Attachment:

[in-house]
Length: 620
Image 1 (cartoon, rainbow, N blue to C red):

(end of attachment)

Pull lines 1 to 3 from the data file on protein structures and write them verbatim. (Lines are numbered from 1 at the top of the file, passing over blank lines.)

[in-house]
Length: 620
Image 1 (cartoon, rainbow, N blue to C red):